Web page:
Friday 15 December 2017

WATCH: David Moyes 'deeply regrets' telling female reporter she 'might get a slap' after interview

Damian Spellman

Sunderland manager David Moyes says he "deeply regrets" threatening to slap a female reporter in a post-match interview.

Moyes has apologised for the exchange with BBC Newcastle and Radio Five Live reporter Vicki Sparks after the Black Cats' 0-0 Premier League draw with Burnley at the Stadium of Light on March 18.

And speaking at a press conference on Monday, the Scot said: "It was in the heat of the moment. I deeply regret the comments I made.

"That's certainly not the person I am. I've accepted the mistake. I spoke to the BBC reporter, who accepted my apology."

The shadow Sports Minister has called on the Football Association to take action against Moyes, branding his comments "sexist threats".

Sparks had asked if owner Ellis Short's presence at the Burnley game had meant he was under more pressure with the club once again fighting a battle against relegation.

Footage published by the Daily Star shows Moyes answering, "No, none at all" before the interview drew to a close.

However, thinking he was off camera, he then added: "You were just getting a wee bit naughty at the end there, so just watch yourself. You still might get a slap even though you're a woman.

"Careful the next time you come in."

Both Moyes and Sparks were laughing during the exchange and the reporter did not make a complaint, although colleagues were unimpressed when they heard what had been said.

It is understood Moyes later apologised during a telephone conversation.

However, Dr Rosena Allin-Khan, the shadow Sports Minister, branded Moyes' conduct "disgraceful", adding on Twitter: "David Moyes cannot get away with these sexist threats - the @FA must take action immediately."

Gary Lineker also condemned Moyes' behaviour, saying on Twitter: "Moyes incident highlights a tendency for some managers to treat interviewers with utter disdain. Pressured job. Well rewarded. Inexcusable."

A Sunderland spokesman said: "David and the reporter spoke to one another subsequently and the matter was resolved amicably."

The BBC confirmed that Moyes and Sparks had spoken since and that the matter was resolved.

A spokesman said: "Mr Moyes has apologised to our reporter and she has accepted his apology."

News of the incident emerged just days after Moyes confirmed he expects to remain in charge at the club next season no matter what happens.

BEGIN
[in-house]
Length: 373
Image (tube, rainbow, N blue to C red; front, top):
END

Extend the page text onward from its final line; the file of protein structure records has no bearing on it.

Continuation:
Sunderland remain rooted to the foot of the table following Saturday's 1-0 defeat at Watford and are eight points adrift of safety ahead of Tuesday night's trip to Leicester.

Women in Football, a network of professional women working in and around the football industry, have urged the FA to help eradicate sexism in the sport by "educating" football managers.

A WIF statement read: "We are deeply disappointed and concerned by the threatening language used by Sunderland manager David Moyes towards BBC reporter, Vicki Sparks.

"We are calling on the FA to help educate football managers against this type of behaviour."

A WIF spokesperson added: "We are pleased that David Moyes has apologised. No one should be made to feel threatened in the workplace for simply doing their job.

"We hope that the football authorities will work with us to educate football managers and those working within the game to prevent this kind of behaviour."

In a WIF survey conducted by Professor Sue Bridgewater and released in March 2016, 61 per cent of respondents had witnessed sexism in the workplace with 46 per cent - almost half - having experienced it themselves.

According to WIF, recent TUC research conducted in collaboration with the Everyday Sexism Project showed that more than half (52 per cent) of women, and nearly two-thirds (63 per cent) of women surveyed aged 18-24 said they had experienced sexual harassment at work.

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